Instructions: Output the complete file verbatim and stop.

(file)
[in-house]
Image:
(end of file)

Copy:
[in-house]
Image: